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8 12 Midnight

FIGURE 3.9 Long-term extreme sewage flow and BOD pattern in a sewage treatment plant.

difficulty imposed by these extreme variations, an equalization basin should be provided. Equalization is a unit operation applied to a flow for the purpose of smoothing out extreme variations in the values of the parameters.

In order to produce an accurate analysis of equalization, a long-term extreme flow pattern for the wastewater flow over the duration of a day or over the duration of a suitable cycle should be established. By extreme flow pattern is meant diurnal flow pattern or pattern over the cycle where the values on the curve are peak values— that is, values that are not equaled or exceeded. For example, Figure 3.10 is a flow pattern over a day. If this pattern is an extreme flow pattern then 18 m /h is the largest of all the smallest flows on record, and 62 m /h is the largest of all the largest flows on record. A similar statement holds for the BOD. To repeat, if the figure is a pattern for extreme values, any value on the curve represents the largest value ever recorded for a particular category. In order to arrive at these extreme values, the probability distribution analysis discussed in Chapter 1 should be used. Remember, that in an array of descending order, extreme values have the probability zero of being equaled or exceeded. In addition to the extreme values, the daily mean of this extreme flow pattern should also be calculated. This mean may be called the extreme daily mean and is needed to size the pump that will withdraw the flow from the equalization unit. In the figure, the extreme daily means for the flow and the BOD are identified by the label designated as average.

Now, to derive the equalization required, refer to Figure 3.10. The curve represents inflow to an equalization basin. The unit on the ordinate is m /h and that on the abscissa is hours. Thus, any area of the curve is volume. The line identified as average represents the mean rate of pumping of the inflow out of the equalization basin. The area between the inflow curve and this average (or mean) labeled B is the area representing the volume not withdrawn by pumping out at the mean rate;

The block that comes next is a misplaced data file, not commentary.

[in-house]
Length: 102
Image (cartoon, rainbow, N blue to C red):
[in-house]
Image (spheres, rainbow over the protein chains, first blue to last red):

FIGURE 3.10 Determination of equalization basin storage.

it is an excess inflow volume over the volume pumped out at the time span indicated (9:30 a.m. to 10:30 p.m.). The two areas below the mean line labeled A and D represent the excess capacity of the pump over the incoming flow, also, at the times indicated (12:00 a.m. to 9:30 a.m. and 10:30 p.m. to 12:00 a.m.).

The excess inflow volume over pumpage volume, area B, and the excess pumpage volume over inflow volume, areas A plus D, must somehow be balanced. The principle involved in the sizing of equalization basins is that the total amount withdrawn (or pumped out) over a day or a cycle must be equal to the total inflow during the day or the cycle. The total amount withdrawn can be equal to withdrawal pumping at the mean flow, and this is represented by areas A, C, and D. Let these volumes be VA, VC, and VD, respectively. The inflow is represented by the areas B and C. Designate the corresponding volumes as VB and VC. Thus, inflow equals outflow,

From this result, the excess inflow volume over pumpage, VB, is equal to the excess pumpage over inflow volume, VA + VD. In order to avoid spillage, the excess inflow volume over pumpage must be provided storage. This is the volume of the equalization basin—volume VB. From Equation (3.23), this volume is also equal to the excess pumpage over inflow volume, VA + VD.

Let the total number of measurements of flow rate be | and Qt be the flow rate at time t. The mean flow rate, Qmean, is then

t\$ = time of sampling of the last measurement. Qmean is the equalized flow rate. Considering the excess over the mean as the basis for calculation, the volume of the equalization basin, Vbasin is

where pos of ((Qi + Qi-1)/2 - Qmean) means that only positive values are to be summed. By Equation (3.23), using the area below the mean, Vbasni may also be calculated as